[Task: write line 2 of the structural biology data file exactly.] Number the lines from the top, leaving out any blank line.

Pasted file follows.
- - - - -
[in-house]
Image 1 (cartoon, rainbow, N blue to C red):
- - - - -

Image 1 (cartoon, rainbow, N blue to C red):